Myrtus communis (true myrtle), of the family Myrtaceae, is a fragrant, evergreen shrub with small, glossy green leaves and white, star-shaped flowers with long stamens, and, after their blooming, purple-black berries. It is native to Mediterranean Europe, North Africa, the Middle East, and Turkey. In these temperate climates it is sometimes clipped as a hedge. As a container plant of topiary, it is often trimmed to look like a fuzzy bowling ball balancing on top of a long stem or a pyramid, and is brought inside in cooler weather.
Queen Victoria and Prince Albert of Saxe-Coburg and Gotha were married in 1840. The only flowers adorning her during the ceremony were orange blossoms. In 1843, Princess Augusta of Cambridge (cousin to Victoria), in her wedding to Prince Frederick, Grand Duke of Mecklenburgh-Strelitz, was decorated all over with myrtle: on her dress, train, head-dress, and bouquet. The Court Circular for this ceremony reported that myrtle was “the emblematic flower of Germany.” And a nosegay of myrtle was presented to the Queen in 1845 in Gotha, Germany by her husband’s grandmother. The British Royal tradition of brides carrying myrtle was firmly established when the Queen’s eldest daughter (also named Victoria) married in 1858. The Princess Royal was decked out with so many flounces of myrtle and orange blossoms on her gown that she appeared to be a tiered wedding cake. Queen Victoria commanded that every bride of the Royal family should have myrtle planted at her Osborne House to commemorate each wedding.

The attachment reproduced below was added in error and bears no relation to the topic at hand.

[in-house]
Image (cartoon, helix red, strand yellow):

Myrtle thrived at Osborne House, Victoria and Albert’s beloved country retreat on the Isle of Wight. Long abandoned as a Royal residence (Victoria’s many offspring were not so enamored by the place) and subsequently used as a nursing home and naval college, the home and its 170-year old gardens have been recently restored by English Heritage. There is myrtle growing there today, from descendants of Victoria’s planting.